16.6.1 Studies on Model Systems 387

16.6.2 FE Methods Applied to Pharmaceutically Relevant Systems 389

16.7 Miscellaneous Issues 395

16.8 Best Practices 396

16.9 Conclusions and Outlook 397

Acknowledgments 398

Abbreviations 398

References 399

17 Bioisosteres in De Novo Design 417
Nicholas C. Firth, Julian Blagg, and Nathan Brown

17.1 Introduction 417

17.2 History of Isosterism and Bioisosterism 418

17.3 Methods for Bioisosteric Replacement 421

17.3.1 Databases 422

17.3.2 Descriptors 424

17.4 Exemplar Applications 427

17.4.1 Information-Based Bioisosteric Replacement 427

17.4.2 Drug Guru 429

17.4.3 SkelGen 431

17.5 Conclusions 433

Acknowledgments 433

References 434

18 Peptide Design by Nature-Inspired Algorithms 437
Jan A. Hiss and Gisbert Schneider

18.1 Template-Based Design 437

18.2 Nature-Inspired Optimization 441

18.2.1 Evolutionary Algorithms 444

18.2.2 Particle Swarm Optimization 446

18.2.3 Ant Colony Optimization 449

18.3 Worked Example: De Novo Design of MHC-I Binding Peptides by Ant Colony Optimization 450

18.4 Chemical Modification 456

18.4.1 Backbone Cyclization 456

18.4.2 Stapling 458

18.4.3 End-Capping 458

18.4.4 Sugar-Coating 459

18.5 Conclusions and Outlook 460

Acknowledgments 461

References 461

19 De Novo Computational Protein Design 467
Jeffery G. Saven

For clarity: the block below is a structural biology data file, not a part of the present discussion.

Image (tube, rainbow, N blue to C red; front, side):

19.1 Introduction 467

19.2 Elements of Computational Protein Design 470

19.2.1 Target Structures 470

19.2.2 Degrees of Freedom: Amino Acids and Side-Chain Conformations 470

19.2.3 Energy Functions 471

19.2.4 Solvation 472

19.2.5 Foldability Criteria and Negative Design 472

19.2.6 Sequence Search and Characterization 473

19.3 Efforts in Theoretically Guided Protein Design 477

19.3.1 Toward Catalysis, Redox Activity, and Enzymes 477

19.3.2 De Novo Design and Redesign 478

19.3.3 Protein Reengineering 479

19.3.4 Cofactors and Nonbiological Protein Assemblies 480

19.3.5 Membrane Proteins 481

19.3.6 Protein–Protein Interactions and Protein Assemblies 483

19.4 Conclusion 485

Acknowledgments 485

References 486

20 De Novo Design of Nucleic Acid Structures 495
Barbara Saccà, Andreas Sprengel, and Udo Feldkamp

20.1 Introduction 495

20.2 DNA-Branched Structures 499

20.2.1 De Novo Design of DNA Junctions 499

20.2.2 Tile-to-Tile Binding 504

20.3 Scaffolded DNA Origami Design 505

20.3.1 Monolayer DNA Origami 506

20.3.2 Multilayer DNA Origami 509

20.4 Alternative DNA Designs: between Junctions and Origami 511

20.5 Conclusions 514

Acknowledgments 515

References 515

21 RNA Aptamer Design 519
Cindy Meyer, Ulrich Hahn, and Andrew E. Torda

21.1 Aptamers and Design 519

21.2 Riboswitches and Aptamers 520

21.3 SELEX 521

21.3.1 Introduction 521

21.3.2 The Method 522

21.3.3 Technical Challenges and Recent Developments in SELEX 526

21.4 Speeding Up SELEX by Computational Methods 526

21.4.1 Design of Structures 529

21.5 Structures and Probing Methods 530

21.6 Functional Analyses (In Vitro and In Vivo) 532

21.7 Problems 533

21.8 Future Perspectives 535

References 536

Index 543